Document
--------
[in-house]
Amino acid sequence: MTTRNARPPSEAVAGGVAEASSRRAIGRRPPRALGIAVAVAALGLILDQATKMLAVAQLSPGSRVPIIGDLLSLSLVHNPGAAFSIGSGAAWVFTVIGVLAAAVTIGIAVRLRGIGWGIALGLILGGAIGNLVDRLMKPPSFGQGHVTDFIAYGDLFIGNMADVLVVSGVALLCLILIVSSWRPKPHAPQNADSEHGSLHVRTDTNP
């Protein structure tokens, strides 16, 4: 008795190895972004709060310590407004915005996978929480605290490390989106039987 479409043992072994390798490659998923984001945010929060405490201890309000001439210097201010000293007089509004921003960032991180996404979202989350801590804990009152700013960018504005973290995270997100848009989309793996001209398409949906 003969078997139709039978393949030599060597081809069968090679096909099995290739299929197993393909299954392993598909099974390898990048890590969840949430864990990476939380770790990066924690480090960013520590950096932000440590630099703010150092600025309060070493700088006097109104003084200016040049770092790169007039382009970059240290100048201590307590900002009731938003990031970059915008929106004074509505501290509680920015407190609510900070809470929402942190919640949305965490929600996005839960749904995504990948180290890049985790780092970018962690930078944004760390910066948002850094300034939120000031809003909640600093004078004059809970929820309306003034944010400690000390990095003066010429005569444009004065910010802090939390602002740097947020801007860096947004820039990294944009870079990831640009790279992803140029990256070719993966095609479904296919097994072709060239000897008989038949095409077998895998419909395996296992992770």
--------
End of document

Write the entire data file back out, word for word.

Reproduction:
[in-house]
Amino acid sequence: MTTRNARPPSEAVAGGVAEASSRRAIGRRPPRALGIAVAVAALGLILDQATKMLAVAQLSPGSRVPIIGDLLSLSLVHNPGAAFSIGSGAAWVFTVIGVLAAAVTIGIAVRLRGIGWGIALGLILGGAIGNLVDRLMKPPSFGQGHVTDFIAYGDLFIGNMADVLVVSGVALLCLILIVSSWRPKPHAPQNADSEHGSLHVRTDTNP
């Protein structure tokens, strides 16, 4: 008795190895972004709060310590407004915005996978929480605290490390989106039987 479409043992072994390798490659998923984001945010929060405490201890309000001439210097201010000293007089509004921003960032991180996404979202989350801590804990009152700013960018504005973290995270997100848009989309793996001209398409949906 003969078997139709039978393949030599060597081809069968090679096909099995290739299929197993393909299954392993598909099974390898990048890590969840949430864990990476939380770790990066924690480090960013520590950096932000440590630099703010150092600025309060070493700088006097109104003084200016040049770092790169007039382009970059240290100048201590307590900002009731938003990031970059915008929106004074509505501290509680920015407190609510900070809470929402942190919640949305965490929600996005839960749904995504990948180290890049985790780092970018962690930078944004760390910066948002850094300034939120000031809003909640600093004078004059809970929820309306003034944010400690000390990095003066010429005569444009004065910010802090939390602002740097947020801007860096947004820039990294944009870079990831640009790279992803140029990256070719993966095609479904296919097994072709060239000897008989038949095409077998895998419909395996296992992770």